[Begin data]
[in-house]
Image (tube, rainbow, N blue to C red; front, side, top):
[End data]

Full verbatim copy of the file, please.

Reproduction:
[in-house]
Image (tube, rainbow, N blue to C red; front, side, top):